“Our computing power is growing rapidly. We create simulations of worlds. Imagine a day when you can simulate a world so perfectly that you recreate every single neurosynaptic thought you could have — including the perception of free will.”

Neil deGrasse Tyson often discusses his belief in simulation theory on his podcast "StarTalk," but he’s not the only famous physicist to advocate for the idea that we are living in a simulation. The other? Elon Musk.

As their combined argument goes, technology is developing at a swift pace. Fifty years ago, the only computer game was Pong. Forty years after Pong, vastly evolved games were created that mirror our world, like "The Sims" and "Minecraft." We have 3-D movies, virtual and augmented reality, and photorealistic video games with millions of people playing simultaneously that are all being refined and improved every year.

Looking 10,000 years into the future, there are two main possibilities that Elon Musk can envision. First, there could be a ceiling to our advancement that destroys civilization. Essentially, something like global warming or self-replicating robots could prevent further technological inventions and innovations. Second, our society’s capabilities could become so advanced that we simulate ourselves.

Initially, the concept seems impossible to fathom and even foolish. However, Tyson and Musk both trace their beliefs back to a highly accredited Oxford University paper by Nick Bostrom that approaches the topic from both a philosophical and mathematical perspective.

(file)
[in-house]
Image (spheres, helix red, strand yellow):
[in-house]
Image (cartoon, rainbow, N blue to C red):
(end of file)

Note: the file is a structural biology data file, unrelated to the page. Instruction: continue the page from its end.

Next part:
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When you consider the difference in the quality of video games between now and 50 years ago, it is logical to assume that games eventually will be indistinguishable from reality as long as there is any rate of improvement. If we will eventually be able to create a simulation, Bayesian reasoning states that it is nearly certain that the process has already happened. Thus, according to Bostrom and Musk, there is a one in a billion chance that Earth is base reality.

On the other hand, Tyson believes that the odds lay at 50-50. His reasoning is that since we are not yet advanced enough to create a simulation, we are either at the beginning or end of the chain of simulations.

So what would it mean for us if we truly were living in a simulation? On a philosophical level, it would mean that free will is merely a perception. On a physical level, it would mean that the natural world is merely an illusion. The same way video games have rules, simulation theory may explain some of the limits on our own world. For example, Tyson has contemplated the idea that we can’t travel faster than the speed of light because parts of our world are still being developed and programmed. Whatever the effects may be, Musk urges that we should hope that we are in a simulation, because if not, human extinction is inevitable.

Overall, I’m still personally uncertain about the merits of simulation theory, but the concept is fascinating regardless. Maybe we should all hope that we’re living in a simulation, because then we can take comfort in hoping that 2020 was just a temporary glitch in the system.

Zach Spindler-Krage is a senior at Mayo High School. Send comments on teen columns to Jeff Pieters, jpieters@postbulletin.com.